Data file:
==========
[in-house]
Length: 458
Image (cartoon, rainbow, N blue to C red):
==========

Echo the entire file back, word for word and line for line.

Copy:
[in-house]
Length: 458
Image (cartoon, rainbow, N blue to C red):